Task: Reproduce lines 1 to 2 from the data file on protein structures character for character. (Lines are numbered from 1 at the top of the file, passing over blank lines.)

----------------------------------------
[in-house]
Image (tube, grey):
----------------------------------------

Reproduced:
[in-house]
Image (tube, grey):